Many of the women I work with want to have more energy and to lose weight so they can enjoy time with their families, balance work and home, and have it all. They want a clear, direct way to meet their goals that they can implement easily. They like knowing what to eat and what to avoid. Sound familiar?
The 80/20 Rule
I often see health websites refer to the 80/20 rule. I’ve even used the phrase myself, but I’ve realized it is problematic. While I agree with the general idea of the 80/20 rule – that if you make healthy choices most of the time, you can have flexibility in your diet and still meet your goals – I think it the concept is misunderstood and misused. The result is that women overeat, revert to old eating habits, crave what they know they shouldn’t eat and feel guilty for enjoying their favourite foods.
Good versus Evil
Here’s why. First, the 80/20 concept creates several opposites
- healthy food (80) versus fun food (20)
- what I have to eat or should eat (80) versus what I want to eat (20)
- boring, prescribed foods (80) versus tasty, appealing food (20)
- what keeps me healthy (80) versus what makes me happy (20)
- good food (80) versus bad food (20)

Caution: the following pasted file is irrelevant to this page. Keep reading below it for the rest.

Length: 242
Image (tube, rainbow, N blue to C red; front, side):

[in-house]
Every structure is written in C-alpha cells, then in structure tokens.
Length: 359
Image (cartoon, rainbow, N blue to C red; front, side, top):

- punishment (80) versus reward (20)
What comes from these statements is that most of the time you need to boring, healthy food that doesn’t taste good or make you feel good. That’s not very encouraging! These divisions make it hard to change habits and to recognize that healthy food can also be tasty or that what keeps you body healthy can also make you happy. By separating what you should eat from what you want to eat, you’ll never be satisfied. You’ll always be wanting the fun, tasty and appealing food, and you’ll see healthy foods as a punishment.
These beliefs will interfere with making the changes necessary to meet your wellness goals. You’ll always want more of what you can’t have, which will keep you right where you are. Essentially, the 80/20 Rule encourages rewarding yourself with processed, high sugar, high fat foods that can make you tired and contribute to weight gain.
Too Many Rewards
Second, I see clients interpret this guideline as permission to reward themselves with less healthy choices, which can lead to overeating and binging on foods with more sugar and fat. I hear messages like
- “I had a green smoothie for breakfast so I can have a cheese burger and fries for lunch”
- “I followed my diet all week so I’m going to eat what I want on the weekend.”
- “I was binging on chocolate last night so now I have to eat vegetables all day.”
- “I get ice cream as a reward because I ate salad for dinner.”
- “I had skim milk in latte so I can have whipped cream on top.”
- “I ate gluten-free pasta so now I can have a donut.”
- “I was off my diet. Now I have to pay for it.”
Again, the idea is that eating healthy food is the hard, unpleasant work that will be rewarded with a treat, or that following the rules means the freedom to splurge. When you see you aren’t reaching your goals, these rewards make you feel guilty, but they are hard to resist since you want to be sure you get all of your fun food.